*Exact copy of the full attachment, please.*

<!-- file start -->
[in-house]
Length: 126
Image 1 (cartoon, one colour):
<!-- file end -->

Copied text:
[in-house]
Length: 126
Image 1 (cartoon, one colour):